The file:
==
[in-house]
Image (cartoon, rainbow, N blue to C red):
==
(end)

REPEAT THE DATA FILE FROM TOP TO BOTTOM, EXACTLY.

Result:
[in-house]
Image (cartoon, rainbow, N blue to C red):